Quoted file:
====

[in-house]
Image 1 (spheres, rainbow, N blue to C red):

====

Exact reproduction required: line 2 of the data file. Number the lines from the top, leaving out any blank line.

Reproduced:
Image 1 (spheres, rainbow, N blue to C red):